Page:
This was my first summer in six years when I wasn’t sleeping half the day in prep for night shift. As my mother would say, “I rejoined the land of the living”: sunshine, beers on decks, fire pits, dudes in white sun glasses named Brad, pre-teen girls wearing their labias outside of their mini shorts, some sort of sensation of getting away. I had made the assumption that being awake during daylight hours would be rad, but it wasn’t, and instead of basking under a sun kissed canopy of rad, I spent my days trying to block out the spiritual pollution of advertisements and dual exhausts, people and bullshit. All I wanted was to be alone with nature for five fucking minutes.
I did not achieve my goal, but I took what I could get, and my parent’s garden was easy for the taking. Once in awhile I’d spend an afternoon tip toeing through the art work of flora and fauna, paying a little more attention to my Mom’s green thumb play-by-plays: what had been transplanted to a more appropriate location, which flowers were due to bloom next, which vegetable the deer had devoured (I believe it was the brocoli). My mom also made me a planter of fleurs for the corner of my balcony.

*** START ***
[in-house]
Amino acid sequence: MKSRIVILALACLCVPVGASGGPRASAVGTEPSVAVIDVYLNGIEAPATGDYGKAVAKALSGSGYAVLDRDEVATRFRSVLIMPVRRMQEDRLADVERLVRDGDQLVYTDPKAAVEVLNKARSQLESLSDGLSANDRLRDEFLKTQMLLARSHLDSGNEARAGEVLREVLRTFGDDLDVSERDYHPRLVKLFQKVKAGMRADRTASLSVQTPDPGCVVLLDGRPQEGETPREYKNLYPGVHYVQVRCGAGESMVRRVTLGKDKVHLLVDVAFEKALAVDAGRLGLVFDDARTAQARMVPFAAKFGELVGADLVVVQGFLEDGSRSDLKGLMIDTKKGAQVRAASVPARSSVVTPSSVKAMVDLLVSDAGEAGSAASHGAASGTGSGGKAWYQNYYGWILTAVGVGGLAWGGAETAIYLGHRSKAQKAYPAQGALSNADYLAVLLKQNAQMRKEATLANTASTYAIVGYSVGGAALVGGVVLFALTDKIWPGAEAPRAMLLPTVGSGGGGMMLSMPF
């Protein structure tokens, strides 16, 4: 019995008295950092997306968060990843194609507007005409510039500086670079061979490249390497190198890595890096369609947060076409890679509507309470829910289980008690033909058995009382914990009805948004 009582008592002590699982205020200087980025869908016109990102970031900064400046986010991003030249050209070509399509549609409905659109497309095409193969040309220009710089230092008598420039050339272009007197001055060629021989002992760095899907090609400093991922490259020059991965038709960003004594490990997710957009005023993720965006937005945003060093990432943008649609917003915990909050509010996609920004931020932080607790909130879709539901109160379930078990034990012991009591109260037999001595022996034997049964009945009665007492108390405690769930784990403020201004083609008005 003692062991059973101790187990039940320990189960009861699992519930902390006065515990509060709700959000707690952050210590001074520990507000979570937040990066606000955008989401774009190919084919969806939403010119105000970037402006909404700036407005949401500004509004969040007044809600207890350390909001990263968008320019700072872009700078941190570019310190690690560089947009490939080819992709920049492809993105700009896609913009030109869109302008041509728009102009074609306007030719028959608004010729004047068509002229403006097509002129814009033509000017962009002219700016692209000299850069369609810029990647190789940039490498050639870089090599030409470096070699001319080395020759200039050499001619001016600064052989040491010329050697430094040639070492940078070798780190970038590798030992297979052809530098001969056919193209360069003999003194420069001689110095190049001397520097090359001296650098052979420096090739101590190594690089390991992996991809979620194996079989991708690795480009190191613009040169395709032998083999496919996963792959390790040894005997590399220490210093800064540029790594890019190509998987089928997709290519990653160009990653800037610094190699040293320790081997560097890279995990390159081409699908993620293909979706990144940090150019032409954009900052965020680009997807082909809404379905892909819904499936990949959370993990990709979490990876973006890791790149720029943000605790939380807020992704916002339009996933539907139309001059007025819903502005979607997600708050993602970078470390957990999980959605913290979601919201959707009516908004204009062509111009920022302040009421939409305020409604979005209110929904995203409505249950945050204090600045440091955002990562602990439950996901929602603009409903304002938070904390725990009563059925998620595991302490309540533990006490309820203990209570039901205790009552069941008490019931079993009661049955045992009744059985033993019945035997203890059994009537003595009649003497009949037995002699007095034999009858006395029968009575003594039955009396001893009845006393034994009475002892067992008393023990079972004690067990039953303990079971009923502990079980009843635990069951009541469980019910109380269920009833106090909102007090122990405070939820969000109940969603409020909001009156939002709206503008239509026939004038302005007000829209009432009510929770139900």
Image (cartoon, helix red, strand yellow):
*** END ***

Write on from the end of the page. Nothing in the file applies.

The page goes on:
“My Johnny Jumpers aren’t doing very well.”
” . . . you mean your Johnny Jump Ups?”
“Yep. My Chickadees are thriving though.”
” . . . your Hens and Chicks?”
” . . . yep.”
“Your Russian Soldiers are very pretty.”
“Your Russian Soldiers.”
“(sigh) ALASKAN ORCHIDS.”